Narendra Modi delivers maiden Independence Day speech
Friday, 15 August 2014 - 14:58
From Delhi’s imposing Red Fort early on Friday morning, Indian Prime Minister Narendra Modi made an extempore first Independence Day speech, telling the world, “Come, make in India. Sell anywhere, but manufacture here. We have the skill and the talent.”
The bullet proof glass that previous Prime Ministers have stood behind was conspicuous by its absence as the Prime Minister reached out – not just to investors, but also to political rivals. “We want to move forward not on the basis of majority but on consensus,” Mr Modi said.
Wearing a cream short-sleeved kurta and a red safa or turban, Mr Modi reiterated the commitments that powered his campaign for the national election this year – a focus on creating jobs and attracting investment. He once again stressed on good governance and development as the core strength of democracy and said his priority was “people private partnership” where the young would create many jobs.
In another break with tradition, more than 10,000 members of the public were present at the Red Fort; the occasion is usually reserved for VIPs.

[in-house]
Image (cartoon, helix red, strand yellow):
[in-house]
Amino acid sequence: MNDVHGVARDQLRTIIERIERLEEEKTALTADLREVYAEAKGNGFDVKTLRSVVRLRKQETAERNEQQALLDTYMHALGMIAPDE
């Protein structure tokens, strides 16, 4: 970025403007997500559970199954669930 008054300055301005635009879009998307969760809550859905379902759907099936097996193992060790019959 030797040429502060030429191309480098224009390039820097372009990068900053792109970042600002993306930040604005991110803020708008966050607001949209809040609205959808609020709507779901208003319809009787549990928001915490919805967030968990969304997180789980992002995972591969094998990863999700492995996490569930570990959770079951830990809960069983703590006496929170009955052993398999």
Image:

The Prime Minister began by stating that he is “not the prime minister but the prime servant,” promising that his government, now three months old, will serve, not rule.
In a speech high on emotional content, he also said that it was a tribute to Indian democracy that “a person from a poor family, an ordinary family is today addressing the nation from the Red Fort.” He described himself as an “outsider in Delhi, not liked by the city’s elite.” The Prime Minister talked less about policy or schemes, and more about the need for urgent social fixes. He talked about communal and caste violence as an obstacle to growth. And about the shame of rape and female feoticide. “Don’t kill daughters in the womb. It is a blot on 21st century India,” he said.
“Let us take a pledge to defeat poverty,” the prime minister said, also announcing a ‘ people wealth scheme’ to ensure all Indians can have a bank account, while blaming the high level of suicides among farmers on their inability to pay back money-lenders.